Top Beijing envoy’s suicide casts somber mood in Macau
Zheng Xiaosong leapt to his death just days before Xi Jinping's trip to open the record-breaking Hong Kong-Zhuha-Macau sea crossing
A guessing game is on in Macau after Beijing’s top envoy in the former Portuguese enclave plunged to his death from his high-rise condo on Saturday evening.
Zheng Xiaosong, director of the Liaison Office of the Central People’s Government in the Macau Special Administrative Region, was found unconscious in the courtyard of an apartment building in the Freguesia da Sé district of Macau, not far from the Liaison Office complex. He is believed to have leapt from his home on a high floor of the building, whose tenants are mostly mainland officials.
Zheng was reportedly certified dead by paramedics at scene.
The Chinese State Council’s Hong Kong and Macau Affairs Office issued a 91-word statement on Sunday morning that Zheng, 59, had jumped to his death because of depression. It added that the office had dispatched officials to Macau to console Zheng’s family.
No further details were given about Zheng’s condition before his death.
Local police, however, said the case was still being investigated. While the director of the Judiciary Police ruled out foul play, he refused to speculate on the cause of the suicide, even after Beijing had already blamed depression for Zheng’s sudden passing.
The Hong Kong-based Information Centre for Human Rights and Democracy cited a source as saying that Zheng had been questioned by graft busters from the Communist Party’s Central Commission for Discipline Inspection before the incident.
Members of Macau’s pro-establishment bloc told Apple Daily that rumors had been swirling for several months that Zheng was “severely ill” and his deputies were in charge of the daily running of the Liaison Office.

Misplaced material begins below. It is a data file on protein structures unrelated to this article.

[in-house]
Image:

Zheng assumed his current position at the head of the Liaison Office, a ministerial-level post, in September 2017. Since then, there have been no reports of him showing any signs of suffering from depression. He met with representatives from a local think-tank and exhorted them to “love Macau and love the country” a day before the fatal fall from his home.
Those who attended the meeting told reporters that they sensed nothing strange about Zheng, although some said his voice sounded slightly weaker than normal.
Zheng’s death has come at a sensitive juncture when Chinese President Xi Jinping is scheduled to officiate at a much-hyped inauguration ceremony to open the 55-kilometer Hong Kong-Zhuhai-Macau Bridge, the world’s longest sea-crossing, to traffic as soon as this Tuesday.
Zheng would have been expected to join Macau Chief Executive Fernando Chui, Hong Kong leader Carrie Lam, and Communist Party cadres from neighboring Guangdong province to welcome Xi to inspect the cross-border bridge.
Zheng’s suicide will cast a somber mood over the unveiling of the new bridge link.
The Oxford-educated Zheng started his career as a diplomat and rose through the ranks to assume a supporting role in Beijing’s talks with London regarding Hong Kong’s handover during the 1990s.
He was then transferred to the Ministry of Finance and was the deputy director of the Communist Party’s International Liaison Department before being posted to Macau.
Observers point out that Zheng’s predecessor in Macau fell afoul of party discipline watchdogs for accepting bribes and there have long been allegations of collusion between Chinese officials and business and casino operators in Macau.
Some have also called into question Beijing’s checks on the health and integrity of principal officials, if the conclusion that Zheng’s suicide was due to poor mental health is to be believed.